Mastering Sales Communication - A Guide for Real Estate Sales Agents
Move your residential sellers and prospects to action faster!
Here's a startling statistic: there are more real estate agents in America today than there are homes for sale.
It's a factor of two primary drivers:
1) there are fewer homes on the market as demand has outpaced supply
2) an increase in those seeking to augment or replace their income by entering real estate.
That's a lot of competition! Read on to learn how you and your real estate firm can stand out to sellers and prospects.
A New Model For Communication That Gets Results
Sales are built on relationships, which is no surprise to real estate agents. These relationships aren't built just to raise social capital but to influence others—in this case, people who are in the market for a new home or those looking to sell.
Almost all real estate publications will tell you that communication is essential. Sales advice, in general, often preaches the importance of "being trustworthy" to win hearts and open the wallets of consumers. But how, exactly, can that be done?
The best salespeople seem to innately "get it" when it comes to building stellar relationships. But "getting it" takes a lot of work, a lot of experience, a lot of trial and error, and a lot of time. Time that most busy real estate agents simply do not have. If you can close more sales in less time, you positively impact your bottom line!
Clearly, communication matters. Unfortunately, traditional communication models just don’t work.
Traditional Communication Models Don't Work
Why don't traditional models work? Because they fail to incorporate some key elements. These key ingredients are critical to closing sales by effectively influencing prospects in meaningful ways. Here we take a look at those critical elements, what they are, and the role they play in driving engagement and influence.
Mirroring is a sales technique involving the salesperson mirroring—or mimicking—the body language and actual language of those they’re interacting with. Unfortunately, mimicking the behavior of others often comes across as forced or fake. Being too focused on mirroring also has the potential to cause real estate agents to miss things—mirroring can hurt listening, which, of course, is critical to building a relationship.
What's more important than mirroring for sales success is the ability to fully understand a prospect's values and objectives. It's more important to understand shared values and shared priorities than to sit the way the other person is sitting, stand the way the other person is standing, or speak in the same way the other person is speaking.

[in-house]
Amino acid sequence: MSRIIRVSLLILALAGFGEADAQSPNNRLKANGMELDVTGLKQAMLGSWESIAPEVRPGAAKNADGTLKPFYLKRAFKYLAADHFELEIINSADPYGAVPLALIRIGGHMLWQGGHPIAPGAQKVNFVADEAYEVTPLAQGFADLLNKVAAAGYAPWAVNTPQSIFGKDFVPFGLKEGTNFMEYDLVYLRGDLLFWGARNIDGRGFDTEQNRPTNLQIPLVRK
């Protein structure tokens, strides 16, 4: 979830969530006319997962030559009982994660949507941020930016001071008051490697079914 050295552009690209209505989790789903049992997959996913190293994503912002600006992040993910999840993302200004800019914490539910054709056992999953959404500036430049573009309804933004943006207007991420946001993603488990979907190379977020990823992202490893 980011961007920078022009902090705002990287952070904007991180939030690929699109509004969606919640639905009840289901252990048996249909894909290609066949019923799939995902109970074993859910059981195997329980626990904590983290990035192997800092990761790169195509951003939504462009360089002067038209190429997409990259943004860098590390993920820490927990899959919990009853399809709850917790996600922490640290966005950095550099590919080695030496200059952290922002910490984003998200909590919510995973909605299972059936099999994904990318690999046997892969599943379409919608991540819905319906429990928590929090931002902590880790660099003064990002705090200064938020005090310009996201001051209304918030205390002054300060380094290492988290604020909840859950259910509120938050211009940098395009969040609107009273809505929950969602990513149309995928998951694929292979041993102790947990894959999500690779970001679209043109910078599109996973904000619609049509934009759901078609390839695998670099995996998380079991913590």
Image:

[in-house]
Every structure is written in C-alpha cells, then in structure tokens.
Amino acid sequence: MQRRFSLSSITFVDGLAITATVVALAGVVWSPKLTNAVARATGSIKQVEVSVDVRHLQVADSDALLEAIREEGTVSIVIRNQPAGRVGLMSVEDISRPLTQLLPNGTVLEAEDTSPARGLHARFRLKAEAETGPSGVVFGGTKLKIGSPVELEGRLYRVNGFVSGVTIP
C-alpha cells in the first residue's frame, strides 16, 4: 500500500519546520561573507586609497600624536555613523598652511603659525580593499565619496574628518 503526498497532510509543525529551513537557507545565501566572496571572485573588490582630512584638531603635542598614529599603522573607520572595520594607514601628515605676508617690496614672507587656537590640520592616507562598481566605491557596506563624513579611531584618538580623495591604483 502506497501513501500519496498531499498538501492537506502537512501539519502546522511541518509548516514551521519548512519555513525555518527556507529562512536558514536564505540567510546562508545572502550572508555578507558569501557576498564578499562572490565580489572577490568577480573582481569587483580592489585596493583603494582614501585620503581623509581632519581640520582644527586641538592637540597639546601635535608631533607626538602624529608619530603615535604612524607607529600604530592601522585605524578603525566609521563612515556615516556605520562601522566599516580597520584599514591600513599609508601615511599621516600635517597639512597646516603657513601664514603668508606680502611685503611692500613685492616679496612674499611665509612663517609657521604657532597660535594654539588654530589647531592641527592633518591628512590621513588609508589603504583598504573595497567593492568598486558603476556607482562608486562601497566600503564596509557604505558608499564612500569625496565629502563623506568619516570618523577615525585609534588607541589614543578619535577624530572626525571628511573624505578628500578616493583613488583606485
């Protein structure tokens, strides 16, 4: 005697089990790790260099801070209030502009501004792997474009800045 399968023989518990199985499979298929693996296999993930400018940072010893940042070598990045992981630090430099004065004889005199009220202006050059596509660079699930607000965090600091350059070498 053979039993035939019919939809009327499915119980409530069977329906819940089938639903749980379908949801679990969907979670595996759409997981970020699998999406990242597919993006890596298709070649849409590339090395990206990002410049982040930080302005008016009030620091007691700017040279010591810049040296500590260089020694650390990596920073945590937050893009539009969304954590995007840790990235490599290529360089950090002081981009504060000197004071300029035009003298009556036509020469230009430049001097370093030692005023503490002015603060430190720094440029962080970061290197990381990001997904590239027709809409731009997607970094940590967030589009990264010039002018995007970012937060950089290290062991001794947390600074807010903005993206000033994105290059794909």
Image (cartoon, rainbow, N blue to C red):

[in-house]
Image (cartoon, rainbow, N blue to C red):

Getting at shared values and shared priorities is more valuable than working to ensure that the prospect believes that you are a lot like them.
Mirroring is limited.
The philosophy of personality tests are another commonly used tactic in sales. Well-known tests such as DiSC, MBTI, and StrengthsFinders rely on the premise that you can identify someone's personality by having them answer a series of questions or fit a specific profile. The problem with this is twofold. First, it assumes that your personality or identity is two-dimensional at best. In reality, of course, there are multiple dimensions to our personalities.
The second problem with personality tests is that they focus on your personality at a certain point in time and in a specific context. They are based on the premise that personality is "fixed." There is plenty of evidence—both scientific and anecdotal—to indicate that it is not!
Personality tests are limited.
Sentiment analysis uses natural language processing (NLP) to analyze conversations—written or verbal—to offer insights into the emotions, feelings, or sentiments of others. Unfortunately, sentiment analysis is a lagging indicator; in other words, the conversation has already taken place so those insights become hindsight. It's also grossly oversimplified and is not strategic. People are not two-dimensional—they're not either happy or sad, good or bad.
Sentiment analysis is limited.
A New Model for Communication